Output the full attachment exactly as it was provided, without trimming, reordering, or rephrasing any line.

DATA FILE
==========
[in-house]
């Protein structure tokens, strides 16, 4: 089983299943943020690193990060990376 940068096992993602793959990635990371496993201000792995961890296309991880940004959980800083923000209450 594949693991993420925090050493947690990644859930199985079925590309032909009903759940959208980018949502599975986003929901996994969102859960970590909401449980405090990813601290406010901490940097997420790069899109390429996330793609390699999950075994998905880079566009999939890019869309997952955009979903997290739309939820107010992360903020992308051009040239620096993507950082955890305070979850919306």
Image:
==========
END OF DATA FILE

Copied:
[in-house]
């Protein structure tokens, strides 16, 4: 089983299943943020690193990060990376 940068096992993602793959990635990371496993201000792995961890296309991880940004959980800083923000209450 594949693991993420925090050493947690990644859930199985079925590309032909009903759940959208980018949502599975986003929901996994969102859960970590909401449980405090990813601290406010901490940097997420790069899109390429996330793609390699999950075994998905880079566009999939890019869309997952955009979903997290739309939820107010992360903020992308051009040239620096993507950082955890305070979850919306």
Image: